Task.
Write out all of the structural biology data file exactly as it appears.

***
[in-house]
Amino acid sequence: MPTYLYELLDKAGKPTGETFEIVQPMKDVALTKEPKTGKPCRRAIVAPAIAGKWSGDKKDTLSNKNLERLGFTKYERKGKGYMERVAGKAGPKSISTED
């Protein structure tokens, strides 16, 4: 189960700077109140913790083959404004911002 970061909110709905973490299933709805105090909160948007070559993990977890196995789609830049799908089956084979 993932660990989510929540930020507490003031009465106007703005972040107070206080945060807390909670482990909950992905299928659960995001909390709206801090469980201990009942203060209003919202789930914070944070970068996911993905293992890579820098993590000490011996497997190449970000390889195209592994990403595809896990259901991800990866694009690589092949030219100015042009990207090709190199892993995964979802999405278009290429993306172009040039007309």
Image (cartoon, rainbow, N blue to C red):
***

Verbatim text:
[in-house]
Amino acid sequence: MPTYLYELLDKAGKPTGETFEIVQPMKDVALTKEPKTGKPCRRAIVAPAIAGKWSGDKKDTLSNKNLERLGFTKYERKGKGYMERVAGKAGPKSISTED
């Protein structure tokens, strides 16, 4: 189960700077109140913790083959404004911002 970061909110709905973490299933709805105090909160948007070559993990977890196995789609830049799908089956084979 993932660990989510929540930020507490003031009465106007703005972040107070206080945060807390909670482990909950992905299928659960995001909390709206801090469980201990009942203060209003919202789930914070944070970068996911993905293992890579820098993590000490011996497997190449970000390889195209592994990403595809896990259901991800990866694009690589092949030219100015042009990207090709190199892993995964979802999405278009290429993306172009040039007309």
Image (cartoon, rainbow, N blue to C red):